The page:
Last trace of Boston snow pile finally melts away

A filthy pile of snow in Boston's Seaport District, a lingering reminder of the city's record-breaking winter, is no more.

Mayor Martin Walsh said Tuesday that the tower of the white stuff had finally melted to nothing from an initial height of 75 feet.

Boston set a new snowfall record this past winter, with 60.8 inches recorded over a 30-day stretch. That narrowly bested the notorious winter of 1978, which saw 58.8 inches of snow fall over a similar time period. In total, the city received more than 110 inches of snow.

The pile was constructed by workers who removed the snow from Boston's streets and brought to so-called "snow farms", where it was stacked up and left to melt. But in this case, there was so much snow to melt that it took longer than anyone had anticipated.

Winter passed into an unseasonably warm spring, with some days reaching the high-80s, but the snow pile held on. Making matters worse, the pile was also laden with more than 80 tons of garbage, transforming it into a repulsive trash heap as the snow melted. Officials say two snowstorms struck after residents put their trash out, and it got swept up by plows.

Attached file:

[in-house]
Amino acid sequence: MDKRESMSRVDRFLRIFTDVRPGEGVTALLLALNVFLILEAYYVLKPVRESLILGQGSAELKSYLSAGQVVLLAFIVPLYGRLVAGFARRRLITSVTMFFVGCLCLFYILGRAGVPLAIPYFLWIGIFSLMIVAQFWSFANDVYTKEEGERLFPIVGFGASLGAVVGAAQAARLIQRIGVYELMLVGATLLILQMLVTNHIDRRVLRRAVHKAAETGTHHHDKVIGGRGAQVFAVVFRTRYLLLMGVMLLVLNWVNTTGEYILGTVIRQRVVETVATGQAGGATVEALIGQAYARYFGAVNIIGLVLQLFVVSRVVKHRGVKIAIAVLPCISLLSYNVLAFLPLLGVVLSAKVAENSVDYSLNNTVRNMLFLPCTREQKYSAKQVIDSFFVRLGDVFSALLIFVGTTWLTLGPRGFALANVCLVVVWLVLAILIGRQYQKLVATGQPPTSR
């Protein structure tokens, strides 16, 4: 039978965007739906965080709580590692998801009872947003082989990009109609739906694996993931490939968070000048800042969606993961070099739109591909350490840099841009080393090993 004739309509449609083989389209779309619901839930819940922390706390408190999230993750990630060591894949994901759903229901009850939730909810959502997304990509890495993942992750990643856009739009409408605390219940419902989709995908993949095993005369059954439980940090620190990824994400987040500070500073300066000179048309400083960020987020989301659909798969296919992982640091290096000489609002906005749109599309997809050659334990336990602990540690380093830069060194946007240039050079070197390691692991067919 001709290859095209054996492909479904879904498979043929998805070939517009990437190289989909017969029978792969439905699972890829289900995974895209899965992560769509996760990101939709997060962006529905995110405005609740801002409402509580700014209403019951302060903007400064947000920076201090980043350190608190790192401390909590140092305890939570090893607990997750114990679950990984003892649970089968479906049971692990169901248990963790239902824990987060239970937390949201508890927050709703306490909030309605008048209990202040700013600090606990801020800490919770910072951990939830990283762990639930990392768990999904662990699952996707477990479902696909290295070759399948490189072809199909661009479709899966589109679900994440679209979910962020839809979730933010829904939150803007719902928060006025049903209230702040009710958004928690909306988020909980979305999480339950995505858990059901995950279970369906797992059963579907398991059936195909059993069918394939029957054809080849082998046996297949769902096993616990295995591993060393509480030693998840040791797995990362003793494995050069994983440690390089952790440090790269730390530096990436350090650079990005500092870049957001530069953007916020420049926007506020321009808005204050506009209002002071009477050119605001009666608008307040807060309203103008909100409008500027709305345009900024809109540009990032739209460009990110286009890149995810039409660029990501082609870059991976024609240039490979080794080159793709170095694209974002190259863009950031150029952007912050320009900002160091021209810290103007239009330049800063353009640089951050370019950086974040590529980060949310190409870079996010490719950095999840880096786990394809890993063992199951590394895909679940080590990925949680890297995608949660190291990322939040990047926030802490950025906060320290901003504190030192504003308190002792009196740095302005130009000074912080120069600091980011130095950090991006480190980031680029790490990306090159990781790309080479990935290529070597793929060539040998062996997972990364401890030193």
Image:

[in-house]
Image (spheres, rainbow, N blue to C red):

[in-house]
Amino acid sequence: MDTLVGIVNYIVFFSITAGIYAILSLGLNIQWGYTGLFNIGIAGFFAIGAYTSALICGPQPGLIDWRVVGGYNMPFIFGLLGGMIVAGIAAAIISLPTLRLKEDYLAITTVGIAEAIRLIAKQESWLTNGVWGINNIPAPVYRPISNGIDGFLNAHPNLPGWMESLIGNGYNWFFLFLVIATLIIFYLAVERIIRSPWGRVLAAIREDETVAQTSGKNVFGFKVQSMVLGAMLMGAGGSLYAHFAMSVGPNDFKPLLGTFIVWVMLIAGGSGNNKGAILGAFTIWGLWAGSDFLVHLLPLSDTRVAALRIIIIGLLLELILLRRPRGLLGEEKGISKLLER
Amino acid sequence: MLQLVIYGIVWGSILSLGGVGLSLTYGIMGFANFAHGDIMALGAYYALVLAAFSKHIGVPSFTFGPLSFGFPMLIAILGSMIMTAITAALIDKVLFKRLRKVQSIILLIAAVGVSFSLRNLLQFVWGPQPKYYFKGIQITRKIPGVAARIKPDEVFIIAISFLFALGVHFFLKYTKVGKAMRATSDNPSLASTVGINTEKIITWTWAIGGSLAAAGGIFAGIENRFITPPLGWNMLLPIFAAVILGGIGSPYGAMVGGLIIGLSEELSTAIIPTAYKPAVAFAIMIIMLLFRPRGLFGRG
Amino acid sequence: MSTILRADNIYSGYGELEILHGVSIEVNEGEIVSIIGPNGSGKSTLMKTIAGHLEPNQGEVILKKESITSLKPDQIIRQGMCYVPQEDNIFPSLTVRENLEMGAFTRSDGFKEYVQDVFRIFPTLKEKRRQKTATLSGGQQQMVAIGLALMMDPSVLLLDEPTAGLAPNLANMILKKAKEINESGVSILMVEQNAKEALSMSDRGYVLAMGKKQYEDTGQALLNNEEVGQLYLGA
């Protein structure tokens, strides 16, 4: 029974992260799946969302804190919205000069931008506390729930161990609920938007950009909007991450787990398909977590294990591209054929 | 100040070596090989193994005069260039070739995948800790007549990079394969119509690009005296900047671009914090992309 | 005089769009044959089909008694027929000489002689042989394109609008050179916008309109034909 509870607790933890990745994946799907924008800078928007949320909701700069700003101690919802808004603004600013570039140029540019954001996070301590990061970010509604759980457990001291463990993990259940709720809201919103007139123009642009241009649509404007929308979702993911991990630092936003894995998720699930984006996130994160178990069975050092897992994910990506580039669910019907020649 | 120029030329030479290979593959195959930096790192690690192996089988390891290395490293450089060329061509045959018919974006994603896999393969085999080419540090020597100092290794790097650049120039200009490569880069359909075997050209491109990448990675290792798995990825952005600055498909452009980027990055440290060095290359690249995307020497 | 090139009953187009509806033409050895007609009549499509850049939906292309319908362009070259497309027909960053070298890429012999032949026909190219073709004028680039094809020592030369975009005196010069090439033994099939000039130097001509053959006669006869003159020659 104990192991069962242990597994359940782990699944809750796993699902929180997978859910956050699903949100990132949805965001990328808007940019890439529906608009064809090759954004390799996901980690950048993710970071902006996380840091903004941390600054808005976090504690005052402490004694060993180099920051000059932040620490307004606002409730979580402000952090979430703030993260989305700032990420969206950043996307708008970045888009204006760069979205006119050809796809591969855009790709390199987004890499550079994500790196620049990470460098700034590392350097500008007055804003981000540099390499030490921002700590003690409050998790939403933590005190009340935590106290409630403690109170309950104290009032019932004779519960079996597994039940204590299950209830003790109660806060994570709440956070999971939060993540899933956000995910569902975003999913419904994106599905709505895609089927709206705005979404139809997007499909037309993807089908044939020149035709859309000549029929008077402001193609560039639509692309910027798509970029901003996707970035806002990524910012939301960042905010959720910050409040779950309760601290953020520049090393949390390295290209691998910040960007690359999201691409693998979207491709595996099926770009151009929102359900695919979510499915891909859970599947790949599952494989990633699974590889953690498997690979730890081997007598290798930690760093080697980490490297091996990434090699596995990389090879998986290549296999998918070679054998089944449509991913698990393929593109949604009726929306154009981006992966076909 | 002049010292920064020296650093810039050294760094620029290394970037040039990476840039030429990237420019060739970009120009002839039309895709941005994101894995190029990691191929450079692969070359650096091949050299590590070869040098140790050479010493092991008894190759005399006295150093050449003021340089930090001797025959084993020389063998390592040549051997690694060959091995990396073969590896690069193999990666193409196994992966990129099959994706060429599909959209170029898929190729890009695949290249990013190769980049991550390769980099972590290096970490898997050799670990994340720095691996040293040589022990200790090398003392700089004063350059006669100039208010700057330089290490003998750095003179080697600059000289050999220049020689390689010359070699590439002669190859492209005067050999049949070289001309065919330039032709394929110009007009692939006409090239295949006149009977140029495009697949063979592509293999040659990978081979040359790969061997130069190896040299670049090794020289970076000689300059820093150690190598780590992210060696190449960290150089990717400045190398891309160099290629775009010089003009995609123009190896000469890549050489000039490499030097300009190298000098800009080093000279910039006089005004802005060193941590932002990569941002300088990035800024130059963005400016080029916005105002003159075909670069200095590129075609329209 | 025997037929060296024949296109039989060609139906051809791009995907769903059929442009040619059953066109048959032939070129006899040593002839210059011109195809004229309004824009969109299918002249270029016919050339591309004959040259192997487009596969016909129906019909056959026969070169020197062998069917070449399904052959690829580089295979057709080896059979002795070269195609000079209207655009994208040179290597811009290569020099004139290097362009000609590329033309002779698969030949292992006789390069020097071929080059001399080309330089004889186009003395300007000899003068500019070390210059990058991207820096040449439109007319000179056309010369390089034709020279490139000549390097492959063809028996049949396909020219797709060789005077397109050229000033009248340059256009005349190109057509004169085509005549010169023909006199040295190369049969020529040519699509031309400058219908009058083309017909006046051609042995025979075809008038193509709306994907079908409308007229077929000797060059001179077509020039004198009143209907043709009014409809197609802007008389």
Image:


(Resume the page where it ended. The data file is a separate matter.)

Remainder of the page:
In a sign of the times, Mayor Walsh turned the agonizing wait for the final melt into a social media contest, inviting users to guess the exact date that the snow would be gone for good. The mayor is scheduled to congratulate the challenge winners Wednesday morning at Boston's City Hall.

With summer in full swing and temperatures flirting with the 90s, the epic winter has seemed like a distant bad dream to many Bostonians. Others had speculated — and not happily — that the messy mound might last until Labor Day.

Massachusetts Gov. Charlie Baker captured the mood Tuesday, tweeting: "Our nightmare is officially over!"

The Associated Press contributed to this report.

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